A 37-year-old man was charged with threatening a federal judge in Spokane, Washington, in a letter sent with the deadly chemical ricin, the FBI said.
Matthew Ryan Buquet was arrested yesterday and charged with mailing a threatening communication on May 14 addressed to U.S. District Judge Frederick Van Sickle at the federal courthouse in Spokane, according to a court filing yesterday.
The letter contained “a threat to injure and kill Judge Van Sickle,” according to a grand jury indictment. The Federal Bureau of Investigation said in a statement yesterday that tests of the letter confirmed it contained ricin.
A bail hearing was scheduled for May 28. Buquet is in custody, authorities said today.
A 41-year-old man from Tupelo, Mississippi, was arrested last month in connection with the mailing of letters containing ricin to President Barack Obama and U.S. Senator Roger Wicker. James Everett Dutschke was charged with producing a biological agent for use as a weapon.
Dutschke, a former martial arts instructor, was arrested on April 27, four days after federal prosecutors dropped charges against Paul Kevin Curtis, 45, an Elvis impersonator from Corinth, Mississippi. A lawyer for Curtis had told a federal judge during a court hearing that he may have been framed by Dutschke because the men had a long-running feud.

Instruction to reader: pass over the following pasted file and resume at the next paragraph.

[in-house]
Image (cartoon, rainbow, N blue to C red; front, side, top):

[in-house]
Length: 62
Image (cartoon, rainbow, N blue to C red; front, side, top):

Buquet appeared in court yesterday with an attorney and was advised of the allegations and his rights, according to court documents. He was appointed a federal defender and a not guilty plea was entered, according to the minutes of a hearing before U.S. Magistrate Judge Cynthia Imbrogno.
The maximum penalty for mailing a threatening letter is 10 years in prison and a $250,000 fine.
Representatives of the U.S. Attorney’s Office in Spokane didn’t respond to a voice-mail message seeking comment on the indictment. Nor did Robert Fischer, a federal defender at the hearing.
Ricin is made from castor beans and has been used experimentally in medicine to kill cancer cells, according to the Centers for Disease Control and Prevention in Atlanta. It’s harmful and potentially fatal if inhaled or ingested, according to the CDC.
The case is U.S. v. Buquet, 2:13-cr-00085, U.S. District Court, Eastern District of Washington (Spokane).
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